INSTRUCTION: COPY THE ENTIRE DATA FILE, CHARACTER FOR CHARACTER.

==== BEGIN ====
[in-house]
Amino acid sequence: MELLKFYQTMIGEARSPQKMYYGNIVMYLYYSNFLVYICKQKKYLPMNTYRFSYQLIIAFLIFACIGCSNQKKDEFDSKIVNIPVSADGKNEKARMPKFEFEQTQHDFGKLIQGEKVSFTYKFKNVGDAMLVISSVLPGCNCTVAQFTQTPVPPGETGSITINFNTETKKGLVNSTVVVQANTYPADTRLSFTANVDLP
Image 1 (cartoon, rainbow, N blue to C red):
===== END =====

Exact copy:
[in-house]
Amino acid sequence: MELLKFYQTMIGEARSPQKMYYGNIVMYLYYSNFLVYICKQKKYLPMNTYRFSYQLIIAFLIFACIGCSNQKKDEFDSKIVNIPVSADGKNEKARMPKFEFEQTQHDFGKLIQGEKVSFTYKFKNVGDAMLVISSVLPGCNCTVAQFTQTPVPPGETGSITINFNTETKKGLVNSTVVVQANTYPADTRLSFTANVDLP
Image 1 (cartoon, rainbow, N blue to C red):